Irena Sendlerowa’s story is not the only one that would make it into a good movie. Czech pilots who fought in Royal Air Force are already celebrated in Sverak’s “Tmavonebeski Svet”, their Polish much more numerous counterparts still await their cinematographic tribute, despite that Polish Kościuszko Fighter Squadron 303 was the highest scoring of all in Battle of Britain. If the submarine “Orzeł” was American or British, new movie celebrating it’s heroic adventures would be released every few years. But since it was Polish, it was filmed only once, 65 years ago. No wonder that if we give up with walk-over, the people’s minds are imprinted with popular culture vision of history as written in the other countries. And if in the British-American movie “Enigma” the only Polish character was a traitor, it is no surprise that most of people are not aware that it was Marian Rejewski and his cryptologic team who broke Enigma code and the whole success of Alan Turing and Bletchley Park was based on their work.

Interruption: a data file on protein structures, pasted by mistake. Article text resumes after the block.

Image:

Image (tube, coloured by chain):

So this is why we, Poles, are loosing that historiographic match with other nations. And we have only ourselves to blame. While “Ida” and “Róża” are very good pieces of cinematography, it’s time to stop this self-flagellation and try to brag about our own achievements for a change. We can’t expect others to do it for us, since they are rather keen to blame us for their own bad, as in a recent case when Austrian paper asked Poland to take responsibility for it’s role in a Holocaust. Look who’s talking…